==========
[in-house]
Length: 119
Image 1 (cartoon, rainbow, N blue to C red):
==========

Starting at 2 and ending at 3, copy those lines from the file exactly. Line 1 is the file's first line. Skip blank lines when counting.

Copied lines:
Length: 119
Image 1 (cartoon, rainbow, N blue to C red):